The Yin and the Yang of Treatment for Chronic Hepatitis B-When to Start, When to Stop Nucleos(t)ide Analogue Therapy
AuthorHall, S; Howell, J; Visvanathan, K; Thompson, A
University of Melbourne Author/sVisvanathan, Kumar; Howell, Jessica; Thompson, Alexander; Hall, Samuel
AffiliationMedicine (St Vincent's)
Document TypeJournal Article
CitationsHall, S., Howell, J., Visvanathan, K. & Thompson, A. (2020). The Yin and the Yang of Treatment for Chronic Hepatitis B-When to Start, When to Stop Nucleos(t)ide Analogue Therapy. VIRUSES-BASEL, 12 (9), https://doi.org/10.3390/v12090934.
Access StatusOpen Access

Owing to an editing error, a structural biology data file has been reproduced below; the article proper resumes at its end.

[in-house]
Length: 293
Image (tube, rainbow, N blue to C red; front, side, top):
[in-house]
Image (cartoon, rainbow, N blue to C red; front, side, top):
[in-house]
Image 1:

Over 257 million individuals worldwide are chronically infected with the Hepatitis B Virus (HBV). Nucleos(t)ide analogues (NAs) are the first-line treatment option for most patients. Entecavir (ETV) and tenofovir disoproxil fumarate (TDF) are both potent, safe antiviral agents, have a high barrier to resistance, and are now off patent. They effectively suppress HBV replication to reduce the risk of cirrhosis, liver failure, and hepatocellular carcinoma (HCC). Treatment is continued long-term in most patients, as NA therapy rarely induces HBsAg loss or functional cure. Two diverging paradigms in the treatment of chronic hepatitis B have recently emerged. First, the public health focussed "treat-all" strategy, advocating for early and lifelong antiviral therapy to minimise the risk of HCC as well as the risk of HBV transmission. In LMICs, this strategy may be cost saving compared to monitoring off treatment. Second, the concept of "stopping" NA therapy in patients with HBeAg-negative disease after long-term viral suppression, a personalised treatment strategy aiming for long-term immune control and even HBsAg loss off treatment. In this manuscript, we will briefly review the current standard of care approach to the management of hepatitis B, before discussing emerging evidence to support both the "treat-all" strategy, as well as the "stop" strategy, and how they may both have a role in the management of patients with chronic hepatitis B.
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